A game of email

Johnny Holland Stephen Anderson discusses in some considerable detail how it might be possible to add game-like behaviours to email to help people be more effective and achieve Inbox Zero more easily. It’s a very interesting post and I’d love someone to go ahead and build an email client that takes these ideas on board. I think it would be fascinating to see how we might remake our relationship to one of the most pervasive communications medium of the modern world.

But Holland Anderson doesn’t even mention the most important problem: That we send far too much unnecessary email for reasons which are emotional rather than logical. Encouraging people to process their email more effectively is only half the battle. We need to remove as much content as possible from the email system, especially newsletters, notices, FYIs and other forms of occupational spam. We need to empower people not to cover their ass, not to CC their entire department, and not to get sucked into endless and pointless – but very polite – conversations by email.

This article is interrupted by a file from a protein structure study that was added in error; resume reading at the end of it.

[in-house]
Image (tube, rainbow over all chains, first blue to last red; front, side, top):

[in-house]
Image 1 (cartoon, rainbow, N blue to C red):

Until we learn to send less email, learning how to process it is only going to give us a false sense of success and may even encourage us to, well, send more email.

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  1. Stephen P. Anderson
    Stephen P. Anderson at |

    Thanks Suw!

    I completely agree we need to encourage people to send less email. The article was primarily about feedback loops, with email as an example. However, I run an all day workshop where we discuss dozens of such principles from psychology; improving email is one of the exercises. In that workshop we’ve discussed ways to use things like “scarcity” or “social proof” or “self-expression” to accomplish (encourage) exactly what you describe.

    Right now, the “game of email” is purely a concept, but with as much interest as it has generated, I wouldn’t rule out the possibility of it becoming reality in the near future…

    Stephen P. Anderson

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